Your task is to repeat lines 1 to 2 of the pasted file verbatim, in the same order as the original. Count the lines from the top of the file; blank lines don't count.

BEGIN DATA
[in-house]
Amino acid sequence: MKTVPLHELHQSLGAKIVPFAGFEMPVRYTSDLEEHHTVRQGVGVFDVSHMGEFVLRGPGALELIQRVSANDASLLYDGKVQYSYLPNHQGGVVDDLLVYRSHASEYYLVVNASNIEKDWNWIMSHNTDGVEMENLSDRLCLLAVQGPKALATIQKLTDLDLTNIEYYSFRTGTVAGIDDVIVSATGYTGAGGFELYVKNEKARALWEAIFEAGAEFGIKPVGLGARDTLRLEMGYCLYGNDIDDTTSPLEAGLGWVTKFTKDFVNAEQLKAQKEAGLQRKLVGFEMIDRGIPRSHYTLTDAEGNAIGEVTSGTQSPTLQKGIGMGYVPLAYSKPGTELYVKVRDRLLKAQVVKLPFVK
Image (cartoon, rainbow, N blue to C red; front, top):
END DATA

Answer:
[in-house]
Amino acid sequence: MKTVPLHELHQSLGAKIVPFAGFEMPVRYTSDLEEHHTVRQGVGVFDVSHMGEFVLRGPGALELIQRVSANDASLLYDGKVQYSYLPNHQGGVVDDLLVYRSHASEYYLVVNASNIEKDWNWIMSHNTDGVEMENLSDRLCLLAVQGPKALATIQKLTDLDLTNIEYYSFRTGTVAGIDDVIVSATGYTGAGGFELYVKNEKARALWEAIFEAGAEFGIKPVGLGARDTLRLEMGYCLYGNDIDDTTSPLEAGLGWVTKFTKDFVNAEQLKAQKEAGLQRKLVGFEMIDRGIPRSHYTLTDAEGNAIGEVTSGTQSPTLQKGIGMGYVPLAYSKPGTELYVKVRDRLLKAQVVKLPFVK